In Australia, the Duchess of Cambridge is swinging a cricket bat, and in the U.S., Tori Spelling is either suffering a nervous breakdown over her husband’s affair or staging one (as some have speculated, the two staged may have staged the affair) for the purpose of promoting her book and their new reality TV series.
Gwyneth Paltrow’s uncoupling and Lindsay Lohan’s unraveling are old news. Paul Simon’s domestic troubles are “trending”. And talk about trouble: Who in America doesn’t now know the name of Donald Sterling?
And for all his billions, who would want to be that man this week?
Six thousand miles away, in a country few of us could locate on the map—though it’s the most populous nation in Africa, and the seventh most populous on the globe—234 school girls were abducted two weeks ago by radical Islamic terrorists and have now disappeared. They were taken from their classroom at the only remaining school in their country where a young girl could still receive a Western education, and transported in trucks to an unknown place where, we have recently learned, they have been married off to their abductors or sold into slavery. For a Nigerian girl, these are one and the same.
Still, our attention remains on the doings of movie stars, athletes and royalty. The search that transfixed us, and no doubt involved the expenditure of millions of dollars and thousands of person-hours, was the search for the missing Malaysian airliner, for whom no hope of rescue existed. Nobody seems to be searching all that hard for the 234 girls.
And then there is Donald Sterling—a man whose name I didn’t know a mere six days ago. Today, I could recite what he told his girlfriend regarding that infamous basketball game. We know the name of the girlfriend too, and the punishment Sterling has now received. As much as America loves stories of the fabulously rich, what we love even more are stories of the fabulously rich brought to their knees, stripped –if not of their wealth—of their status, reputations, and in the case of Donald Sterling, the ability to occupy, ever again, a courtside seat (or even one in the nosebleed section) of any NBA game, for the rest of their days.
I have to admit: I read this stuff. I look at clips of reality television stars behaving badly. I don’t eat junk food, but I consume junk news. Then, in among the garbage, a piece of something real and important floats by, easily missed, because nobody’s making that much of it. Two hundred and thirty four Nigerian girls, who dared to seek out an education, even though they knew this was dangerous, and that every other school in their country that might have educated girls like them had closed down out of fear of the very acts that have now befallen them.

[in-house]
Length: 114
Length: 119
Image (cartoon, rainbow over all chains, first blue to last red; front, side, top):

No photographs exist of the abduction (though there was one, on the Internet, showing a different group of girls, in their uniforms, at a different school that no longer exists: Hopeful, eager girls, who coveted books and knowledge the way some American girls covet skinny jeans and iPhones.)
In my mind I can see them: led into the backs of pickups, packed tight as cattle, with no idea where they were going but the certainty that it was someplace unspeakable. What we do get—from the British press, mostly—are photographs of the wailing mothers, the fathers and uncles who have pooled their resources to gas up their motorcycles and head into the bush in search of these girls. And what are they supposed to do, if they find them?
The United States government—so quick to step in elsewhere on the globe, when oil has been at stake—remains silent. “Maybe Oprah’s doing something about this,” someone speculated on my Facebook page this morning, when I brought it up. That’s who we have, in the absence of political or moral leadership: another celebrity with vast resources, who happens to be African American. Next one we’ll call on may be Captain America.
But I have another idea, and it circles back to this week’s fallen man: Donald Sterling—the all-powerful billionaire who has lost everything (everything but his money; something tells me the girlfriend’s history) over his remarks regarding African Americans.
America loves only one thing more than to watch a man like Donald Sterling fall, which is watching a fallen man – Bill Clinton, Robert Downey Jr, Eliot Spitzer, Woody Allen, Michael Vick — rise from the ashes to find redemption.
Now is his moment. What the Nigerian government has failed to do, Donald Sterling has the resources to do right. The U.S. government did it a few years back, when they sent the Navy Seals to eliminate Osama Bin Laden. This could be Donald Sterling’s comeback opportunity, and if his media advisors haven’t pointed this out already, I will.
I don’t need him to believe that these girls actually deserve to live out their lives without being raped every night, or tortured, for the crime of wanting to read. Let him suppose, if he does, that their presence in the stands at a Clippers game might give people the wrong impression. None of that matters, if he ponies up the cash to bring them home to their mothers. We’ll forgive him. Barbara Walters will choose him as her final interview subject. He will get a book contract (not that he needs the money, but his coffers may be depleted somewhat by this.) Lupita Nyong’o will play the main girl in the movie. Tommy Lee Jones will play Sterling, obviously. Kim Kardashian will be his girlfriend, the one with the recording device in her phone.
It is the most beautifully appropriate and ironic act for a fallen racist man, to liberate 234 African girls who have never heard of him, but for whom he would be a hero.
This article originally appeared in the New York Observer, and was reprinted here with permission of the author.
Joyce Maynard is the author of the novel To Die For. Her first novel, After Her, just came out in paperback, as did the DVD based on her novel Labor Day)